Classic character profiles, 2017

Showa 40 Man is a magazine with a very specific focus: men who were born in the year 1965, also known in Japan as “Showa year 40.” As it happens, men of this age were the first Yamato target audience, so it should come as no surprise that it would occasionally include Yamato coverage. It’s quite common for the magazine to feature several articles based on a single theme, which is what lead to the character profiles presented here.

Covers for issues 42 and 46, both published in 2017. Themes: “Our Dark Heroes” and “Men You Can Rely On.”

The first profile comes from Showa 40 Man Vol. 42, published March 2017. The cover topic for this issue was “Our Dark Heroes,” with profiles of twelve anime, manga, and tokusatsu characters along with some real-world personalities such as sumo and pro wrestlers. Among the fantasy candidates were Devilman, Hakkaider, Tiger Mask, and Dessler – whose evolution from villain to hero is what classifies him as a “dark hero.” (On a related note, anime director Rin Taro gave his thoughts on Captain Harlock.)

A friendship that rose beyond enemy and ally


He appeared as the commander of an enemy nation and was once thought to be dead, but he was alive. Leader Dessler transformed from a hateful enemy to a beloved dark hero. We will consider his appeal.

By Ryosuke Kobayashi

Photo Caption: Dessler was rescued by the White Comet Empire. “Leader Dessler! You’re alive!” The person who heard Kodai’s voice said this answer was correct!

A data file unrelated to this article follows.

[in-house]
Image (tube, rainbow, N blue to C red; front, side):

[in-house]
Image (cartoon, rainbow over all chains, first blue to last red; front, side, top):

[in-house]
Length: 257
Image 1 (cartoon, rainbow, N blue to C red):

Headline at far left: “Great Gamilas is eternal. The glory of my Gamilas is immortal!”

Dessler was dark at first, but not a hero. He was just a villain, embarking on an invasion to emigrate to Earth.

In the year 2199, a mysterious space fleet attacks with planet bombs, and Earth is on the verge of extinction. In order to save Earth, Yamato travels 148,000 light years to distant Iscandar, where the Gamilas Empire stands in the way. And the man who controls this interstellar regime is Leader Dessler.

He is an impressive and cool-headed dictator, a man who mercilessly purges those whose behavior he disdains. As well as being a fearsome dictator in this story, Dessler is shown to have a warrior’s pride in some scenes. In the end, he is defeated by Yamato and shares the fate of his ship by being dispersed.

Then there is a big turning point where Dessler is no longer merely an enemy. This occurs in the movie Farewell to Yamato. It is a scene of single combat against Susumu Kodai on board Dessler’s ship when challenging Yamato for the last time. Dessler had survived the battle of Gamilas and challenges Yamato again. But when he realizes his defeat, he tells Kodai about the weak point of the powerful new enemy, the White Comet Empire that is bent on invading Earth.